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Description of key information

Repeated dose toxicity studies using rats have been conducted for seven members of this category covering C6 to C20-24. The majority of these investigations have used oral (gavage) exposure, with three sub-acute, three screening and two sub-chronic studies available for this route. One sub-acute dermal test, and one sub-chronic inhalation investigation, is also available. For the oral studies, systemic findings were typically limited to the liver and were adaptive rather than adverse; the NOAEL from these studies was 1000 mg/kg bw/day.  The inhalation NOAEC was 3,000 ppm (10,326 mg/m3). The available dermal study is inadequate for the purposes of hazard identification.

Key value for chemical safety assessment

Repeated dose toxicity: via oral route - systemic effects

Endpoint conclusion
Endpoint conclusion:
no adverse effect observed

Repeated dose toxicity: inhalation - systemic effects

Endpoint conclusion
Endpoint conclusion:
no adverse effect observed

Repeated dose toxicity: inhalation - local effects

Endpoint conclusion
Endpoint conclusion:
no adverse effect observed

Repeated dose toxicity: dermal - systemic effects

Endpoint conclusion
Endpoint conclusion:
no study available

Repeated dose toxicity: dermal - local effects

Endpoint conclusion
Endpoint conclusion:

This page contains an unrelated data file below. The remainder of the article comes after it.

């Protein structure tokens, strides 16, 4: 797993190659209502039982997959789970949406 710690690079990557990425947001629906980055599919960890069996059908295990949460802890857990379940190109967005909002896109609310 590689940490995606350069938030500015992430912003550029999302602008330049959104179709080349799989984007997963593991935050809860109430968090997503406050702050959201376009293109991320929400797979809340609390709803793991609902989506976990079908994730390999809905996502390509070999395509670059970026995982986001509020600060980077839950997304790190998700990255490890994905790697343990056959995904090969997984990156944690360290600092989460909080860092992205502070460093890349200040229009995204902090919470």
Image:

no study available

Additional information

Information is available on repeat dose toxicity potential of the following members of this category:

 

Test substance identity

Route

Oral

Inhalation

Dermal

Hex-1-ene

v

v

 

Alkenes, C6

v

 

 

Oct-1-ene

 

 

v

Tetradec-1-ene

v

 

 

Alkenes, C16-18

v

 

 

Alkenes, 20-24 a

v

 

 

Alkenes, 20-24, branched and linear

v

 

 

 

Repeated Dose Oral Toxicity

Information is available from two studies that investigated the repeated dose oral toxicity of 1-hexene following sub-acute and sub-chronic exposure and from an OECD 422 screening study.

In the sub-acute investigation (Dotti et al., 1994), hex-1-ene was administered to 5 Wistar rats/sex/dose at dose levels 0, 10, 101, 1010, or 3365 mg/kg bw/day for 28 consecutive days. There were several indications of toxicity in the 3365 mg/kg/day group (mainly in males) including clinical signs, decreased body weight, changes in clinical chemistry, and reduced spleen weight. Body weight was also decreased in 1010 mg/kg/day males. In addition, macroscopic findings in the males indicate stomach irritation in the 1010 and 3365 mg/kg/day groups. The NOAEL for systemic toxicity was reported as 1010 mg/kg/day. The NOAEL for local effects was reported as 101 mg/kg/day based on stomach irritation in males.